A simple laundrymat owner’s life is changed forever when she is introduced to a strange new world.
There seems to be an element creeping through Hollywood where some filmmakers seem to think that a film needs a ‘weird’ element to try and set it apart from other films that are currently in cinemas. We saw it earlier this year with the film C’mon, C’mon where the filmmakers thought that filming it in black and white would perhaps compensate for the fact that the characters are slightly unlikable. Now comes perhaps an even bigger crime against cinema – Everything Everywhere All At Once – a film that has an original storyline, some great action pieces but is ultimately ruined by some scenes that are just too weird for the average cinema goer.
Directed by Dan Kwan and Daniel Scheinert (Swiss Army Man) the film centres around a family made up of strong but judgemental mother Evelyn (Michelle Yeoh – Tomorrow Never Dies), emotionally lost husband Waymond (Ke Huy Quan – The Goonies) and daughter Joy Wang (Stephanie Hsu – The Path) who feels that she is constantly judged by her mother.
The family at hand is a family in turmoil, not only is Joy becoming estranged from her mother and father, Waymond is looking for a way out and the family Laundromat is coming under intense scrutiny from the taxation office.
With all of that happening Evelyn soon finds out from a Waymond from a different dimension that there is an inter-dimensional war going on and that she is a very big part of it. As she becomes more involved in this inter-dimensional rift though she finds herself becoming a ‘wanted’ woman by the authorities in her own dimension.
What we have with Everything Everywhere All At Once is a film that shows that even the most creative storyline can be totally destroyed by some simple stupid mistakes. The original premise of this film is great – a family internally tearing themselves apart with a sci-fi fantasy element that is as creative as anything we ever saw with The Matrix but sadly once this film begins to delve into areas of people having to insert items into their butts and a dimension of people with weird sausage hands the film jumps the shark in a way that almost makes it unwatchable.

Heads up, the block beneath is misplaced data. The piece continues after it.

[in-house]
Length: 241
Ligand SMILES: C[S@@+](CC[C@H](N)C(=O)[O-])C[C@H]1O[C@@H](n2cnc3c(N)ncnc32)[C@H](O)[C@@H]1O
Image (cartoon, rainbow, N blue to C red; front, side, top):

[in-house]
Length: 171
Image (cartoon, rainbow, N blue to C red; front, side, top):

How such creative filmmakers can fall into such a juvenile trap is almost incomprehensible. Early on the film contains such heart as it explores deep topics such a daughter feeling that she has been rejected by her parents through to a husband that is convinced that his marriage is over. The fact that Kwan and Scheinert can mix topics as deep as those with great looking fight sequences shows pure class – that is why it is so disappointing that the film ultimately becomes a farce beyond stupidity.
The shining lights in this film are the actors. Michelle Yeoh leads from the front with a brilliant performance that one again sees her mix heartfelt scenes with her family with well-choreographed but natural looking fight scenes. She is well supported by Ke Quy Huan who is called upon to play a range of different Waymonds and does an exceptional job with each. Last but not least is Stephanie Hsu who announces herself as a star of the future in a role that sees her deliver some of the more heart-wrenching moments of the film.
Everything Everywhere All At Once should serve as a warning to all filmmakers out there. You can the best idea that anyone has ever had for a film but you can let yourself down by going just that little bit obscure. Once again A24 show as a company that their films are either spectacularly brilliant or ruin themselves with unwatchable weirdness.